President Donald Trump warned Americans on Tuesday of the growing threat posed by Hurricane Michael as it heads to the Florida Panhandle
Hurricane Michael is fast shaping up to be the type of hurricane not seen in the Florida Panhandle for quite some time. Please pray for the safety of all those in Michael’s path, and for all the first responders who will be working to rescue and keep people safe.
“He that dwelleth in the secret place of the most High shall abide under the shadow of the Almighty. I will say of the LORD, He is my refuge and my fortress: my God; in him will I trust.” Psalm 91:1,2 (KJV)
NTEB will be updating this page throughout the duration of the storm, so check back often.
FROM WUNDERGROUND: Just hours away from an expected Wednesday afternoon landfall, Hurricane Michael became ever stronger and more organized on Tuesday night over the eastern Gulf of Mexico. Michael’s high winds, torrential rain, and very large storm surge were pushing briskly toward the Florida Panhandle and the Big Bend region just to the east, the areas in line to experience the worst impacts. Update (2 am EDT Wednesday): Michael has been upgraded to Category 4 strength as of 2 am EDT, with top sustained winds of 130 mph. Some additional strengthening is possible before landfall.
Satellite images of Michael’s evolution on Tuesday night were, in a word, jaw-dropping. A massive blister of thunderstorms (convection) erupted and wrapped around the storm’s eye, which has taken taking a surprisingly long time to solidify. A layer of dry air several miles above the surface being pulled into Michael from the west may have been one of the factors that kept Michael from sustaining a classic, fully closed eyewall (see embedded tweet below). A closed eyewall is normally a prerequisite for a hurricane to intensify robustly, but somehow Michael managed to reach Category 3 status without one. READ MORE
Hurricane Michael upgraded to Category 4 storm
FROM FOX 5: Hurricane Michael has intensified even further late Tuesday evening. The powerful Category 3 storm continued to be fueled by the warm Gulf of Mexico waters as it trekked toward the Florida Panhandle. Forecasters now believe Michael will be a Category 4 when it makes landfall midday Wednesday.
This isn’t going to be like past western FL panhandle/AL majors like Dennis, Ivan, Opal, Eloise. And it’s not like Hermine, Kate farther east but weaker. #Michael will make new history for central Panhandle, Big Bend. Some of you could get water and wind worse than ever before. pic.twitter.com/5b4AV1c7QR
— Dr. Rick Knabb (@DrRickKnabb) October 10, 2018
As of 11 p.m. Tuesday, the top sustained surface winds were at 125 mph, making this a major hurricane. The center of the storm was located about 220 miles south-southwest of Panama City, Fla. or about 200 miles south-southwest of Apalachicola, Fla. Michael was moving north at 12 mph. READ MORE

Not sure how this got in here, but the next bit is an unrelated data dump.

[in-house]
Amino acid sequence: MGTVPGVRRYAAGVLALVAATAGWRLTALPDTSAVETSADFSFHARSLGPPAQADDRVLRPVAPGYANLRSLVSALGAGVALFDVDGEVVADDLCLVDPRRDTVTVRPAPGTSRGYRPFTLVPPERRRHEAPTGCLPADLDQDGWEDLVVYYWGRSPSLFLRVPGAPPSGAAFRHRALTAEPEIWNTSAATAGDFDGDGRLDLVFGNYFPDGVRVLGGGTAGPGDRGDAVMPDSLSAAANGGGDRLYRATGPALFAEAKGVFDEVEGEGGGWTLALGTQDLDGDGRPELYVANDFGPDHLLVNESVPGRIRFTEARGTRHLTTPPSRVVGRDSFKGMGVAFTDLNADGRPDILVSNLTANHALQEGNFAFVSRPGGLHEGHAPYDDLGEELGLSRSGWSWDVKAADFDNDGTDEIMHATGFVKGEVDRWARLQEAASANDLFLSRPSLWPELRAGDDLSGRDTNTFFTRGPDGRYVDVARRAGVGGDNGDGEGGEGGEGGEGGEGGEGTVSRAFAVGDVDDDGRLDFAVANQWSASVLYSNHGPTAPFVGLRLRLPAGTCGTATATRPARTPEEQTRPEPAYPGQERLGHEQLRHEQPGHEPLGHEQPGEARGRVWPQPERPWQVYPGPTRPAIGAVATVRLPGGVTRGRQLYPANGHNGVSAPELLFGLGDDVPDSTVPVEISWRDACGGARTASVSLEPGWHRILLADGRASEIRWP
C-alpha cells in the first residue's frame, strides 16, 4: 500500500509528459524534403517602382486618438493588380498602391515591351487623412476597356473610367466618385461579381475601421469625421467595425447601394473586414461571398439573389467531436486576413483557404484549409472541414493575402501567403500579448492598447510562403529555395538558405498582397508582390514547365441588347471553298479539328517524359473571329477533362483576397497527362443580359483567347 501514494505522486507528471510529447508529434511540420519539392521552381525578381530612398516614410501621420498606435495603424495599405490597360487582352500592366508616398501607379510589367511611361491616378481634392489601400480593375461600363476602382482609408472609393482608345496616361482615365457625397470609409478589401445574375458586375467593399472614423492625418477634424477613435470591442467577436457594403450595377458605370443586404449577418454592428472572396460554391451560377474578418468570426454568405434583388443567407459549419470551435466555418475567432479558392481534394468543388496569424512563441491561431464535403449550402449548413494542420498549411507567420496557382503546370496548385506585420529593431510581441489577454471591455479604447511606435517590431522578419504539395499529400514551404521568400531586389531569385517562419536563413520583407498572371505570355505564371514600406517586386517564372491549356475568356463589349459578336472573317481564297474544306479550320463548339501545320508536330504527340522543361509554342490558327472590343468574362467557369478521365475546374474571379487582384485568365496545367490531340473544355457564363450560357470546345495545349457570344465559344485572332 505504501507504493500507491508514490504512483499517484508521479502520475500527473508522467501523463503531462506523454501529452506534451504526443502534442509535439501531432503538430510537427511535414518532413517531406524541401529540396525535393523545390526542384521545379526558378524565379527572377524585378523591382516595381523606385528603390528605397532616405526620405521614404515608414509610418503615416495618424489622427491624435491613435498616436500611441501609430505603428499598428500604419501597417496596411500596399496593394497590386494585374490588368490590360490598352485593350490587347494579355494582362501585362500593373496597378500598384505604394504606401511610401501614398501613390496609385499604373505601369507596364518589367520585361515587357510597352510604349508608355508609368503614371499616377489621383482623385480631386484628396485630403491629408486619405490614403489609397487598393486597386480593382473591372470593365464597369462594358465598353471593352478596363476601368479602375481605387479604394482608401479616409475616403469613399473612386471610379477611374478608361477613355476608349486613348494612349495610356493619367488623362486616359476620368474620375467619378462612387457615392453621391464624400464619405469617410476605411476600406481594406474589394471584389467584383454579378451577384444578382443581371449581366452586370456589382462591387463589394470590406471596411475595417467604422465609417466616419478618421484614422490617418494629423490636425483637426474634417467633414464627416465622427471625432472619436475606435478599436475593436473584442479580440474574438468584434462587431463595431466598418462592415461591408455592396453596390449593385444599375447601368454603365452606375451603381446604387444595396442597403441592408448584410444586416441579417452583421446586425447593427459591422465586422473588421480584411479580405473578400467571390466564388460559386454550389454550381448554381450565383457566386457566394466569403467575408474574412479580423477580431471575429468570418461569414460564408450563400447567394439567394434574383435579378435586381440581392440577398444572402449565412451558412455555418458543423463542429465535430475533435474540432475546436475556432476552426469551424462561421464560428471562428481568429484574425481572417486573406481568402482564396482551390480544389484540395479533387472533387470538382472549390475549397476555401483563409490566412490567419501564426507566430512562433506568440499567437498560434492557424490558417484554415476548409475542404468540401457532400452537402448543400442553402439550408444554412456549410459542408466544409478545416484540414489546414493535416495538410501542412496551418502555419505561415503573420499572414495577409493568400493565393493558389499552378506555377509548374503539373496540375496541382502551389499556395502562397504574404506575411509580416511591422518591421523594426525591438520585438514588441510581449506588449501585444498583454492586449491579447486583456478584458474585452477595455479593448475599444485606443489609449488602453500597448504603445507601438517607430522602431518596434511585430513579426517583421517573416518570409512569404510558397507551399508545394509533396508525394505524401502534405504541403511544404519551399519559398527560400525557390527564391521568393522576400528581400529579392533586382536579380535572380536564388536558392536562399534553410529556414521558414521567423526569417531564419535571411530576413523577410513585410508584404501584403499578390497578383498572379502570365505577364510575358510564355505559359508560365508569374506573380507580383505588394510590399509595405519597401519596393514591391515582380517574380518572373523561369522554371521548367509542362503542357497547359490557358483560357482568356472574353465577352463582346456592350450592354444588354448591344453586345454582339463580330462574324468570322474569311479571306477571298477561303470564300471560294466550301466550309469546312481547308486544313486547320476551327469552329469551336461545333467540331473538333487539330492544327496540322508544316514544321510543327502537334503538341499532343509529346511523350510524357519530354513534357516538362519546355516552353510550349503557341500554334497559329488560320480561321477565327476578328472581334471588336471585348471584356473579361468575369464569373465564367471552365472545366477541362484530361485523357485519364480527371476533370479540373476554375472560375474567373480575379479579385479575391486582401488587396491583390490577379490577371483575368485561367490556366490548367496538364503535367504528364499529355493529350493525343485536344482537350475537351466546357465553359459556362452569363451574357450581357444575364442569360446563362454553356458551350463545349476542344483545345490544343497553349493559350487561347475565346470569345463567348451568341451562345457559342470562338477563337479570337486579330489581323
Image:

Do not take this lightly- take action now to protect your life & the life of your family. Stay vigilant & listen to your local authorities and local news reports for the most up-to-date information. https://t.co/3vc5payE9l
— Rick Scott (@FLGovScott) October 10, 2018
FROM BREITBART: “We have another one coming, and a big one,” Trump told reporters at the White House. “Much bigger than they anticipated a week ago.” The president said that his administration was “very well prepared” for the category 2 storm predicted to hit Florida on Wednesday.
…Looks to be a Cat. 3 which is even more intense than Florence. Good news is, the folks in the Pan Handle can take care of anything. @FEMA and First Responders are ready – be prepared! #HurricaneMichael
— Donald J. Trump (@realDonaldTrump) October 9, 2018
He suggested on Twitter that the storm could grow to a Category 3 storm, which would be “even more intense that Florence.”
“FEMA is ready, we’re all ready,” Trump said. “I spoke with Governor Scott, spoke to everybody that you have to speak to.” Trump said that other parts of the storm could hit Georgia and even parts of North Carolina and South Carolina. READ MORE
Michael Intensifies to a Category 3 Major Hurricane; Forecast to Be Florida Panhandle’s Strongest Landfall in 13 Years
- Michael has intensified to a Category 3 major hurricane in the Gulf of Mexico.
- Hurricane Michael is expected to make landfall along the Florida Panhandle Gulf coast Wednesday.
- Dangerous storm surge, damaging winds and flooding rain are likely impacts along the northeastern Gulf Coast.
- Hurricane warnings and storm surge warnings have been issued along the Gulf coast of Florida.
- Heavy rain and strong winds will spread farther inland across parts of the Southeast after landfall.
- Tropical storm warnings and watches are posted along the Southeast coast as far north as the Outer Banks.
FROM THE WEATHER CHANNEL: Hurricane Michael has intensified to a Category 3 major hurricane and is forecast to strike the Florida Panhandle Gulf coast Wednesday with life-threatening storm surge flooding, destructive winds and flooding rainfall. Michael will also spread heavy rain and strong winds to other parts of the southeastern United States after it moves inland.
“A potentially catastrophic event is developing,” the National Weather Service office in Tallahassee, Florida, wrote in its hurricane local statement Tuesday evening. “Locations may be uninhabitable for weeks or months.”